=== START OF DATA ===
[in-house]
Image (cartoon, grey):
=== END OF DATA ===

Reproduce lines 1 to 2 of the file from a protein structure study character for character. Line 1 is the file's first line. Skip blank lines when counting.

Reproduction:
[in-house]
Image (cartoon, grey):